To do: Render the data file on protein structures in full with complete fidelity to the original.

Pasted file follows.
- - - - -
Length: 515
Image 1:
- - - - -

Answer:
Length: 515
Image 1: